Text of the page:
Chronology and Photo Gallery
Samuel Beckett — Irish playwright, theatre director, novelist, and poet — is one of the most influential writers of the 20th century and transports his audience to a strange and mysterious world often located at the very brink of death, that “undiscovered country” for which his characters so often yearn. But his works are far from depressing. There is great beauty in the writing and a determination to stare mortality in the face. There is no better guide to the human spirit’s darker depths.
On seeing these plays you may well leave feeling unexpectedly elated, although perhaps scary, a walk through the night can be invigorating. This event marks the culmination of many years of research and performance from CSU’s Center for Studies in Beckett and Performance, the only academic center world-wide devoted to the theatre of Samuel Beckett.
- Come and Go: Three women, three old friends, sit on a bench. They gossip. They whisper. They come and go. They leave us a message. One of Beckett’s briefest and most cryptic plays.
- Rockaby, featuring Wendy Ishii and directed by Laura Jones: An elderly woman rocks in a chair as a distant voice recalls her lifelong search for human contact. One of Beckett’s starkest minimalist works, a study in old age, isolation, and disengagement from life. Haunting and profoundly moving.
- Dieppe (Quatre Poèmes): A dramatized evocation of one of Beckett’s most personal poems. A small premiere, or as they say in the circus, “something never attempted before.”
- Play: One of Beckett’s most chilling yet darkly comic masterpieces. A man, his wife, and his mistress. Another eternal triangle. Eternity. All three are up to their necks in it. Another of Beckett’s plays in which actors are pushed to the very limits of what is possible. A mesmerizing experience.
Award-winning UK/CSU playwright Eric Prince crafts story to showcase talents of Wendy Ishii; Bas Bleu introduces Irish Blue Craic to Fort Collins
With the foundation of a 20-year artistic collaboration to build on, playwright and director Eric Prince and Wendy Ishii – founder and artistic director of Bas Bleu Theatre – have constructed a world premiere production for the Fort Collins theater community. “Bas Bleu is promoting new and original writing that is not available elsewhere,” said Prince, “Helping playwrights develop and refine their works has always been part of Bas Bleu’s mission,” explains Ishii.
Blue Kitchen, which the Liverpool-born Prince wrote to both feature Ishii on stage and to help celebrate Bas Bleu’s 25th anniversary season, tells the story of an Irish-American woman as she wrestles with the meaning of her cultural identity. As Ava, the protagonist, Ishii also explores “a woman’s abiding need to not only give love, but receive love,” Prince said.
July 23 - Aug. 3
A special collaboration between Bas Bleu Theatre, Colo. and the Center for Studies in Beckett and Performance, Colorado State University
Beckett’s Women – Moments from the Plays of Samuel Beckett (European Premiere)
Devised and directed by Eric Prince by kind permission of Edward Beckett and the Samuel Beckett Estate, with Wendy Ishii embodying characters from Happy Days, Footfalls, Not I, Embers, All That Fall, in a remarkable, powerful and unified interpretation, giving presence and voice to the astonishing collective voice of Beckett’s women.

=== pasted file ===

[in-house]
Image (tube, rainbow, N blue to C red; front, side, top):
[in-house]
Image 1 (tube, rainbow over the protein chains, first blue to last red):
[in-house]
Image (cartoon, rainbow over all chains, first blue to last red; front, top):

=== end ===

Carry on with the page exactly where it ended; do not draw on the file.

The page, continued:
Creative Team: Wendy Ishii, Performer; Price Johnston, Artistic Design, Lighting and Sound; Eric Prince, Director
Eh Joe by Samuel Beckett, “a piece for television”, written with Jack MacGowran, Beckett’s most favored actor, in mind and first broadcast in 1966. This re-visioning of that original broadcast has the needs of a twenty first century audience in mind, yet holds true to Beckett’s singular vision and Beckett’s own direction of that original broadcast.
Creative Team: Price Johnston, Artistic Design, Lighting & Sound;Wendy Ishii, Performer; Eric Prince, Performer and Director
The Happy Days Festival is the world’s first annual festival to celebrate the work and influence of Nobel Prize-winning writer Samuel Beckett. The Festival takes place annually in Enniskillen, Northern Ireland, where Beckett spent his formative years attending Portora Royal School. Enniskillen, Ireland’s only Island town, is at the heart of the Fermanagh Lakelands, amidst some of the most beautiful landscape in Europe. The inaugural Happy Days took place 23rd – 27th August 2012 and was the first annual, international, multi-arts festival to be held in Northern Ireland since the launch of the Ulster Bank Belfast Festival at Queen’s in 1962. As with the Edinburgh Festival, Happy Days is a major cultural event bringing diverse communities together, mixing local and international audiences and artists. The festival collaborated with the London 2012 Festival, the culmination of the Cultural Olympiad, and coincided with the 400th anniversary of the founding of Enniskillen. Happy Days is funded by Northern Ireland Tourist Board, Arts Council Northern Ireland and Fermanagh District Council.
Presented by the Center for Studies in Beckett and Performance at CSU and Bas Bleu Theatre. Beckett’s Women with Wendy Ishii: Moments from the Plays of Samuel Beckett* and Eh Joe, Beckett’s first play for television. *Beckett’s Women was devised at the invitation of the Happy Days Enniskillen International Beckett Festival (Jul. 23 - Aug. 3, 2015), with the approval of Edward Beckett and the Estate of Samuel Beckett.
A practice as research paper, 3000 words, drawing on archive film made available in the British Library, London, UK, published online by the beckett circle, the Samuel Beckett Society (March 2014).
Colorado State University (Sept. 26, 27, 2013)
A piece for television
- Re-imagined as a staged filmed installation. Presented with an introductory talk by Actor/Director Eric Prince in collaboration with artistic designer, and co-director Price Johnston, and Wendy Ishii, actor and artistic director, Bas Bleu Theatre.